DOJ asks court to dismiss lawsuit against EPA climate rule

Obama administration attorneys are calling a lawsuit against the Environmental Protection Agency’s landmark climate rule “premature” and says it should be dismissed.

The Court of Appeals for the District of Columbia Circuit has no jurisdiction over regulations that have not been finalized, so it cannot take the case, lawyers told the court in a brief filed late Monday.


“This petition is one volley in a barrage of premature litigation trying to stop EPA from completing a rulemaking addressing carbon dioxide (CO2) emissions from existing power plants,” Justice Department attorneys wrote.

Coal mining company Murray Energy Corp. filed the lawsuit in June, the same day the EPA formally proposed its rule to cut carbon emissions from power plants 30 percent by 2030.

Courts are usually allowed to take cases on federal regulations only after they have been finalized. That led the administration attorneys to argue that the ruling Murray is requesting is “indeed truly extraordinary.”

Murray recognized that fact when it filed the lawsuit but said the EPA’s proposal represented such an egregious and obvious overreach of its power that the court’s action is necessary.

The EPA told the court that Murray has the opportunity to bring up those concerns in comments filed to the agency, and to sue after the rule is finalized next year.

“It is well established that there is no jurisdiction to review a proposed rule or ongoing rulemaking,” the lawyers wrote.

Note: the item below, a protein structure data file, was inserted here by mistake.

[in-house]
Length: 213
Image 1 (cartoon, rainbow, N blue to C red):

While the administration’s main argument to the court is that Murray’s timing is premature, attorneys also said that Murray would not be regulated under the rule, so it does not have standing to sue.

And even if Murray could bring the lawsuit, the Clean Air Act is ambiguous enough to allow the EPA the leeway to write its carbon rule, the attorneys told the court.

Murray stood by its claims.

“The plain language of the Clean Air Act clearly prohibits the Obama administration’s radical Environmental Protection Agency from promulgation of these unlawful and very damaging rules, and the EPA’s motion to dismiss does not change this fact,” Murray spokesman Gary Broadbent said in a statement.

The court has asked Murray to respond to the EPA’s brief by Nov. 17.

Twelve states have filed a similar lawsuit against the EPA’s proposed rule, and most of those states are helping Murray with its litigation. 

A federal judge last month dismissed a lawsuit brought by Nebraska against a separate EPA proposal on carbon emissions from new coal-fired power plants.

That judge ruled that the lawsuit was premature because the rule had not been made final.